MINNEAPOLIS -- Roughly an hour before the first pitch of the 2016 season, Twins general manager Terry Ryan reiterated to reporters his belief that Minnesota was a playoff-caliber team.
The Twins were coming off a surprising season in which they posted their first winning record since 2010, and they had a promising Spring Training that saw them open the year with no players on the disabled list. But things went south quickly -- Minnesota lost its first nine games of the season -- and it snowballed from there as the Twins entered the All-Star break with the worst record in the American League at 32-56.
The Twins are sellers leading up to the non-waiver Trade Deadline on Aug. 1, and they will use the second half to see what they have in youngsters such as Max Kepler, Byron Buxton and Miguel Sano. Minnesota, which played better heading into the All-Star break, still believes there's a bright future ahead with one of the game's top farm systems, but the first half of the 2016 season was a step in the wrong direction after its success last year.
"We have some good things going here, but with our record, no one wants to hear that," Ryan said. "I can't stand here and say everything is great. It's not. But we have things going in a positive direction. Everybody wants to win next year. We're not looking at 2020."
WHAT WENT RIGHT Eduardo Nunez opened the season as a backup infielder, but he established himself as the club's everyday shortstop and was rewarded his first All-Star Game selection. Second baseman Brian Dozier and catcher Kurt Suzuki overcame slow starts offensively, and they have been two of the hottest hitters in baseball since early June. Relievers Fernando Abad and Brandon Kintzler, who were signed as Minor League free agents before the season, have been the club's best two bullpen arms. Right fielder Kepler is in the midst of breakout rookie season, showcasing his combination of power and speed. Outfielder Robbie Grossman, who was selected off waivers from the Indians, has surprisingly been one of the club's best hitters with his patience at the plate.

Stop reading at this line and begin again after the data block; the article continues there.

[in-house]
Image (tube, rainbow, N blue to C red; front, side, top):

WHAT WENT WRONG
The Twins finished the first half with a 4.97 ERA, which is the third-worst mark in the Majors. Closer Glen Perkins and right-hander Phil Hughes both sustained season-ending injuries. Sano missed more than a month with a strained left hamstring, while third baseman Trevor Plouffe has dealt with various injuries, including a fractured rib that will have him out until August. Eddie Rosario opened the year as a club's starting left fielder, but he was demoted in mid-May before returning in early July. Minnesota's No. 1 prospect Jose Berrios got his first taste of the Majors, but he posted a 10.20 ERA in four starts before being sent back to Triple-A Rochester. Designated hitter Byung Ho Park had a hot start to the season, but he fell into a slump and was optioned to Triple-A on July 1. Reliever Kevin Jepsen, who replaced Perkins as closer, struggled throughout the first half and was designated for assignment on July 3. Outfielder Oswaldo Arcia was also designated for assignment and traded to the Rays for a player to be named later or cash considerations on June 24.
WHAT WE LEARNED
The Twins believed they could build on last year's success, but clearly they weren't ready to take another step forward this season. Their early-season struggles caused them to press, and much had been made about the loss of Torii Hunter's leadership. Minnesota was counting on several of its young players to help carry the team, but it proved it's difficult to win and develop players at the same time.
FIRST HALF TOP PLAYER
Nunez has been the club's most consistent player as he proved his hot start wasn't a fluke. He hit .321/.347/.489 with 12 homers and a team-leading 22 steals in the first half. Among Major League leaders, he ranks 10th in batting average and tied for fifth in steals. He's also been versatile, seeing time at shortstop, third base and second base, but he is now the club's starting shortstop over Eduardo Escobar.
FIRST HALF TOP PITCHER
Right-hander Ervin Santana has been the club's most reliable starter and finished the first half strong. He went 3-7 with a 4.06 ERA in 16 starts, going 2-0 with a 1.63 ERA over his past four starts. He also turned in the best performance of the season when he tossed a two-hit shutout against the A's on July 6.
FIRST HALF TOP ROOKIE
Kepler, 23, has gotten better as the season has gone along, and he entered the break hitting .238/.319/.483 with eight homers, 11 doubles and 33 RBIs in 46 games. He's become the club's everyday right fielder, and he hit .260 with seven homers and 26 RBIs over his past 20 games to close out the first half.